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While no one can predict the future, August 26, 2020, will probably earn a place in sports history. In light of the shooting of Jacob Blake, the Milwaukee Bucks refused to take the floor for their playoff game against the Orlando Magic; the rest of the NBA, and some teams in other sports, have since followed suit in a historic boycott. Whether those NBA players realized it or not, however, they were following in the footsteps of one man: Elgin Baylor.

Although basketball fans may know Baylor for his impeccable playing career, he also earned a place in history by refusing to take the floor. In 1959, he became the first NBA player to boycott a game.

Who was Elgin Baylor?

Over the years, the LA Lakers have had plenty of stars on their roster. While he might not get the same level of modern attention as Magic Johnson and Wilt Chamberlain, Elgin Baylor was a legitimate talent.

Growing up in Washington, D.C., Baylor was an excellent basketball player but struggled in school. That academic performance meant he started his NCAA career at the College of Idaho. After one season there, he transferred to the University of Seattle; once he was eligible to play, he emerged as a star. During his two campaigns with the then-Chieftains, the forward averaged more than 30 points per outing and carried the team to the 1958 national championship game.

Baylor then entered into the 1958 NBA draft; the floundering Minneapolis Lakers franchise selected him with the first overall pick. He promptly claimed Rookie of the Year honors and helped the Lakers reach the NBA Finals, where they fell to the Boston Celtics. From there, his star continued to rise

While knee injuries eventually limited the forward’s effectiveness, Baylor spent 14 seasons in the NBA. He averaged 27.4 points and 13.5 rebounds per game during his playing career, making 11 All-Star teams and 10 NBA First-Teams. He also briefly tried his hand at coaching and spent more than 20 years in the Clippers front office.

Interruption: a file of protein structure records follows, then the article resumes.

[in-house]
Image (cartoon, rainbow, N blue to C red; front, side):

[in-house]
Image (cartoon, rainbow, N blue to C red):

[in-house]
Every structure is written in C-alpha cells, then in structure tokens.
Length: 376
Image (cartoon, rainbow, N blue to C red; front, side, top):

Elgin Baylor boycotted an NBA game in 1959

Based solely on his on-court exploits, Elgin Baylor earned a place in NBA history. In 1959, however, the Lakers star also made headlines by refusing to hit the hardwood.

As Mike Whiteford laid out in the Charleston Gazette-Mail, the Minneapolis Lakers traveled to Charleston, West Virginia, to face off against the Cincinnati Royals in the early days of 1959. When the Lakers arrived in town, however, their Black players were denied service in the team’s hotel.

While the entire team relocated to another hotel, the same issue arose when it was time to eat; according to Whiteford, Baylor headed to a grocery store and bought the necessary supplies to make sandwiches.

As tip-off approached, Baylor initially refused to leave his hotel room; he eventually agreed to go to the arena, but wouldn’t dress for the game. At that point, Hot Rod Hundley, a white Charleston native who played alongside Baylor, urged him to take the court.

“Rod, I’m a human being,’’ [Baylor] responded. “I’m not an animal put in a cage and let out for the show.’’ Hundley considered his teammate’s words and conceded: “Don’t play. You’re right. I was wrong.’’

Those words and actions still ring true today

From a social perspective, it’s easy to feel like the days when Elgin Baylor was denied service in a hotel and a restaurant are buried long in the past. Unfortunately, his words are painfully similar to what today’s NBA stars are saying about their boycott.

The Milwaukee Bucks are chasing a once-in-generation opportunity to win an NBA championship; they put that aside to send a message. LeBron James took to Twitter saying, in all caps, “WE DEMAND CHANGE.” Kenny Smith walked off of the TNT set in solidarity with the players.

As we’ve said so many times in 2020, this is an unprecedented moment; no one has seen entire teams boycott their own games during the playoffs. Looking back at Elgin Baylor’s stand in 1959, however, can help bring things into clarity.

“Rod, I’m a human being,’’ he responded. “I’m not an animal put in a cage and let out for the show.’’

Stats courtesy of Sports-Reference and Basketball-Reference


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